Archive for the ‘Ear Candy’ Category

Hello readers.

This is the first in a long line of entries containing mini music reviews of artists I’m listening to at the moment. Whilst I know that you all have a diverse range of taste in ear candy, I’m sure there is something I could recommend to you for your aural pleasure.

To tell you the truth, I’m surprised that I’m not blogging more about music, I used to deejay (and still do occasionally), have a pretty sizeable music collection and occasionally play bass and acoustic guitar (in a band and solo)…

So, without further ado, here is my current selection of album reviews in no particular order:

1. Soldier of Love– Sade (Neo Soul)

After a long hiatus of about 10 years, Sade is back and topping the U.S. album charts for the third week running. This long awaited album seems a little more melancholic than previous  Sade releases but is still pretty much in classic Sade territory with no ground breakingly different styles, except perhaps the title track:  ‘Soldier of Love’ which has a trip hop Tricky-esque beat to it. Other than the standout tracks, most tracks, I feel, are quite flat and appear almost as filler, however if you are a Sade fan you must get this album since there is enough material to keep you going….though I doubt for another 10 years…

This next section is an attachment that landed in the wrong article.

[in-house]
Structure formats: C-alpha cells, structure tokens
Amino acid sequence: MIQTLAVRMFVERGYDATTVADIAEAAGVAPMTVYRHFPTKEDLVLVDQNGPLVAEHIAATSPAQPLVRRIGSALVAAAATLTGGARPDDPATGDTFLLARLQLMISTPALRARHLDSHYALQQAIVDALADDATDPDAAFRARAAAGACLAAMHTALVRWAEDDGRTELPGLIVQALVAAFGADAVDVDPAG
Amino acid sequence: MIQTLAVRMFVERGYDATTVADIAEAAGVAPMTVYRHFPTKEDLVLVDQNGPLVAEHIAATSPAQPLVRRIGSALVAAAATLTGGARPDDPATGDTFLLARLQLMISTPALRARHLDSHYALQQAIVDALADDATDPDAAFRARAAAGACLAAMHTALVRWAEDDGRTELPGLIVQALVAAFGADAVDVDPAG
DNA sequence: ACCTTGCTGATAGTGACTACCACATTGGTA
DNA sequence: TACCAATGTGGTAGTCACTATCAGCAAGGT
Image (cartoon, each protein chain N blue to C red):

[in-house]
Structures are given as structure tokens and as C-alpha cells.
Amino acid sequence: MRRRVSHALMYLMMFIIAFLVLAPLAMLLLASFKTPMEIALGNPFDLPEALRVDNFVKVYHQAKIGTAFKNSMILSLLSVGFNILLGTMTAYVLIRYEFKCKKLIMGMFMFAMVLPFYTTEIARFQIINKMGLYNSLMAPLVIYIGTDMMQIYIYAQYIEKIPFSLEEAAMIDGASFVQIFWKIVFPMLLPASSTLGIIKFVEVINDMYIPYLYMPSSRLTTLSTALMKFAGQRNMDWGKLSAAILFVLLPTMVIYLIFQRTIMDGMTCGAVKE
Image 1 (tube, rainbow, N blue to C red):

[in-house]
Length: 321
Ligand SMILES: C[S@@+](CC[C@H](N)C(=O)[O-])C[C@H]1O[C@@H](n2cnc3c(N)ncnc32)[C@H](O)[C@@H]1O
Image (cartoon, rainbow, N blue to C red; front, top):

Stand out tracks in my opinion are  ‘Soldier of Love,’ ‘Babyfather’ and ‘Skin.’

Rating 3.5/5

2. Blackmagic-José James (Soul/Jazz/Hip Hop)

After being introduced to  José James via Brownswood record label in London, 2 years ago. I was instantly hooked onto the  unique style and voice of José James, who describes himself as a ‘world citizen’ from Brooklyn on his myspace site. His first album ‘The Dreamer’ was an instant classic, with no filler, and music to evoke moods from a smoky jazz club to romance induced ballads to kick back sunday morning beats, my favourite being the Freestyle Fellowship cover of ‘Park Bench People.’ If you click the link on the left, it takes you to an awesome live rendition of the song, with ‘Soil & Pimp Sessions’ performing the jazz classic ‘Red Clay’ as the music. Make sure you check it out, as Jose flips from jazz singing to a ‘scat battle’ with the saxophonist.’

Now, that enough about ‘The Dreamer’ album, this review is all about his NEW album; ‘Blackmagic.’ Well all I can say is wow! The first three tracks on this album, are all amazing, with the rest being silky smooth and seductive. Its hard to pick Blackmagic apart other than to say that it evokes thoughts of Marvin Gaye, Billie Holiday, Terry Callier and Gil-Scott Heron.

Having seen José perform live at the Jazz Cafe in London last year (he is also playing this month), his live entourage, a full fledged Jazz/Soul quartet did not disappoint. Not only did Jose tear the roof off with his vocals ranging from soul to scat, the band had more soul than a Motown New Years party. As with most music today, some of the lyrics are a little ‘steamy’ but tame in comparison to chart music.

Standout tracks? ALL OF THEM!

Rating: 4/5

3.  Gilles Peterson Presents Havana Cultura – New Cuba Sound